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By the way I've supplied you

By the way I've supplied you with a rule of thumb in discovering whether a category is a natural category.

I fail to see what that rule of thumb is. The only thing I could come up with is that a natural category is a category which it is interesting to study, but you also say:

It is of general and lasting interest to study beatings because "beating" is a natural category.

Thus it would seem that you are telling us that a natural category is a category which interesting to study, yet the only way to see if you have a category which is interesting to study is to find out if it is natural. In any case, I don't think this is what you meant, so care to clarify? Or if it is what you meant, is there a way out of the circle?

~Matt

Circularity is in your interpretation

Here, let me explain with an analogy, and see if you can't find your own way out of the supposed circle.

I say, "the ground everywhere is wet because it's been raining".

Then I say, "I've supplied you with a rule of thumb in discovering whether it's been raining."

Now you come back to me and say,

"It would seem that you are telling us that rain is something that makes the ground everywhere wet, yet the only way to see if the ground is everywhere wet is to find out if it's been raining."

Can you see what part of your interpretation was unwarranted? Well, I'll tell you: in the above analogy, "I" didn't tell "you" that the only way to see if the ground is everywhere wet is to find out if it's been raining. And similarly: I didn't say that in order to tell whether something is of general and lasting interest you must first find out whether the categories involved are natural categories.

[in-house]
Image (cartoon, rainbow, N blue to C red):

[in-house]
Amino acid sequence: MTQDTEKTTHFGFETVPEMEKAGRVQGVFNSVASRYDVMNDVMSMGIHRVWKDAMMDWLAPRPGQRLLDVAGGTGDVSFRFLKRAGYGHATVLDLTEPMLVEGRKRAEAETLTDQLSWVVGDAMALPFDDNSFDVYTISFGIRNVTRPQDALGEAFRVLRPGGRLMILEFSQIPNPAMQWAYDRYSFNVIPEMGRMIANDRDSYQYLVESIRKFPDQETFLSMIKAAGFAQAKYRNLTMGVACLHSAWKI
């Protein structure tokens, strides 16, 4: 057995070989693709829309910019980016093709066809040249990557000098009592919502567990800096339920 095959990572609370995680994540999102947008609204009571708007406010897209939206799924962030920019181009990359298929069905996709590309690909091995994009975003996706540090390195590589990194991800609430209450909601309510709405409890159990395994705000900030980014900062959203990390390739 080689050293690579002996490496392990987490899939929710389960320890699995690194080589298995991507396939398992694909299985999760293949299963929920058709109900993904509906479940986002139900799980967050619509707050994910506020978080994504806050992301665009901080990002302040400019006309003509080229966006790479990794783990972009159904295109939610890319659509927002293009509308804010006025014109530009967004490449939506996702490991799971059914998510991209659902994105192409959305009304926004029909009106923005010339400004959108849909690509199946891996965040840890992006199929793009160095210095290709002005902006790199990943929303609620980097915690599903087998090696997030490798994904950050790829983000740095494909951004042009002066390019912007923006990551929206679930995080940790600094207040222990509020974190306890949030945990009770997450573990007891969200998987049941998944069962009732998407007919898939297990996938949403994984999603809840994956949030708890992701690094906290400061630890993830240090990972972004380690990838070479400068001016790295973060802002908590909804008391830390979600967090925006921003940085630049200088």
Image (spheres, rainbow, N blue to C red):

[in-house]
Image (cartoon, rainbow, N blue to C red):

Here is Ruth Garret Millikan on "substances", a related idea to what I've been calling "natural category":

From the standpoint of an organism that wishes to learn, the most immediately useful and accessible subjects of knowledge are things that retain their properties, hence potentials for use, over numerous encounters with them. This makes it possible for the organism to store away knowledge or know-how concerning the thing as observed or experienced on earlier occasions for use on later occasions, the knowledge retaining its validity over time. These accessible subjects for knowledge are the things I am calling "substances." Substances are, by definition, what can afford this sort of opportunity to a learner, and where this affordance is no accident, but is supported by an ontological ground of real connection.

[...]

I can discover on one temporal or spatial encounter with cats that cats eat fish and the knowledge will remain good on other encounters with cats. That is, I can discover from the cat over here eating fish that the cat over there will probably also eat fish, or from a cat now eating fish that a cat encountered later will eat fish. I also can discover numerous other anatomical, physiological, and behavioral facts about cats that will carry over. There is the entire subject of cat physiology and behavior studied by those attending veterinary schools. I can learn how to hold a frightened cat on one or a few occasions, and this may hold good for a lifetime of cat ownership.

On Clear and Confused Ideas: An Essay about Substance Concepts by Ruth Garrett Millikan, section 1.1

What I want to point out is that you can discover that cats form what Millikan calls a substance by discovering that you can successfully generalize certain things from one cat (or cat-encounter) to other cats (or cat-encounters). Your discovery that you can generalize precedes and justifies your discovery that cats form a substance.

There is no real circularity here that's really preventing you from learning that cats form what Millikan calls a substance.

Similarly, you can learn about evil. Heck, you can even conduct an objective study about it.